Eczema of the corners of the mouth is associated with chronic, sometimes acute inflammation in the corners of the mouth. The medical names are “chelitis angularis” or “perlèche”. Often referred to as “cracks at the corners of the mouth”. It can be regarded as a kind of ‘blemish spot’ of the folds of the corner of the mouth. There are many causes of eczema in the corner of the mouth. The condition can occur at any age. Eczema of the corner of the mouth is common.
How does eczema of the corners of the mouth develop?
Eczema of the corners of the mouth is caused by the accumulation of saliva in the corners of the mouth; it causes an inflammatory response in the skin. Not infrequently, the inflammation is complicated by an infection caused by fungi (Candida albicans) or bacteria in the skin. Candida albicans are naturally found in the oral cavity and a humid environment is an ideal breeding ground. In young children and babies, a rash in the corner of the mouth can be caused by saliva.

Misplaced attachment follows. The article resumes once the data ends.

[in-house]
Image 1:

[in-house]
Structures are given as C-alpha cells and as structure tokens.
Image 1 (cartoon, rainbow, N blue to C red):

Saliva contains several enzymes that help digest food in the mouth. Your oral mucosa offers natural protection against this, and if the saliva ends up on the skin for a long time and chronically, the skin can be affected. Children with a congenital enlarged tongue (for example, Down syndrome or congenital hypothyroidism) may also drool more than usual. Older children and adults can get a rash in the corner of the mouth due to atopic eczema (sensitive skin!).
People with deep angular folds around the corners of the mouth are particularly susceptible.